Did Cooling Oceans Trigger Ordovician Biodiversification? Evidence from Conodont Thermometry

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Science  25 Jul 2008:
Vol. 321, Issue 5888, pp. 550-554
DOI: 10.1126/science.1155814


The Ordovician Period, long considered a supergreenhouse state, saw one of the greatest radiations of life in Earth's history. Previous temperature estimates of up to ∼70°C have spawned controversial speculation that the oxygen isotopic composition of seawater must have evolved over geological time. We present a very different global climate record determined by ion microprobe oxygen isotope analyses of Early Ordovician–Silurian conodonts. This record shows a steady cooling trend through the Early Ordovician reaching modern equatorial temperatures that were sustained throughout the Middle and Late Ordovician. This favorable climate regime implies not only that the oxygen isotopic composition of Ordovician seawater was similar to that of today, but also that climate played an overarching role in promoting the unprecedented increases in biodiversity that characterized this period.

Oxygen isotopes provide a valuable means for tracking environmental change, with oxygen isotopic compositions of marine fossil carbonates (δ18Ocarb) being especially useful for reconstructing Cenozoic sea-surface temperatures (1). This approach, however, has proven less reliable for older biogenic carbonates, which are more prone to diagenetic modification. Anomalously low oxygen isotope compositions of Early Paleozoic biogenic carbonates have driven contentious debate about the implied high seawater temperatures and variability in seawater oxygen isotopic composition (δ18Oseawater). Resolution of these issues has important implications for understanding fundamental Earth processes and major events in Earth history.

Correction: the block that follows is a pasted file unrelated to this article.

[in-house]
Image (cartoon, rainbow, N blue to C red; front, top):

The Paleozoic marine δ18Ocarb record is derived mainly from calcitic brachiopods (2, 3) that exhibit a wide range in composition from about –2 per mil (‰) to –10‰ Vienna Pee Dee belemnite (V-PDB). It has been argued that this record reflects secular variations in global climate (2, 4) but, assuming present-day values for seawater (δ18Oseawater ∼ –1), the calculated temperatures are unrealistically high, reaching 70°C in the Early Ordovician. This seeded further speculation that δ18Oseawater composition, and by implication hydrothermal processes, evolved with time (3, 57). This is due to the inherent limitation of the oxygen isotope proxy being a combined signature of temperature and seawater isotopic compositions, thereby comprising two unknowns. The proposition that δ18Oseawater changed significantly over time is, however, inconsistent with altered seafloor basalt compositions and models of the seawater isotopic budget, which imply that δ18Oseawater has remained essentially constant since the Archean (811). This suggests that these older biogenic carbonates do not reflect primary paleoseawater compositions, yet these issues remain contentious.

The temperature record of Ordovician oceans is central to understanding links between seawater chemistry, climate change, major bio-events, and thus fundamental Earth processes. The marine biosphere underwent a profound transformation during the Great Ordovician Biodiversification Event (GOBE), recognized as the longest period of sustained biodiversifications, increasing family and genus numbers three- to fourfold (12) (Fig. 1). This unparalleled event is characterized by the replacement of the Cambrian Evolutionary Fauna with considerably more complex Paleozoic and Modern Evolutionary Faunas. The GOBE was terminated with sudden and catastrophic extinctions during the latest Ordovician (Hirnantian), probably associated with rapid ice sheet growth at the South Paleopole (13).

Fig. 1.

Biodiversity patterns of marine fauna through geological time. Middle Cambrian to Silurian (except Pridoli) taxonomic diversity trends at genus level [modified from Sepkoski (15)]. Inset shows Phanerozoic taxonomic diversity of marine faunas at family level [modified from Sepkoski (12)]. Cambrian: M, Middle; U, Upper. Ordovician T, Tremadoc; Ar, Arenig; Ln, Llanvirn; C, Caradoc; As, Ashgill. Silurian: Lly, Llandovery; W, Wenlock; Lw, Ludlow.